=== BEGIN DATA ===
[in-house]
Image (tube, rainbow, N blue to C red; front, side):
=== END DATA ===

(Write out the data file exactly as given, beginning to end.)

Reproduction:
[in-house]
Image (tube, rainbow, N blue to C red; front, side):